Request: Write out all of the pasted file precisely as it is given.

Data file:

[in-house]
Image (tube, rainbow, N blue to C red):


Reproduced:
[in-house]
Image (tube, rainbow, N blue to C red):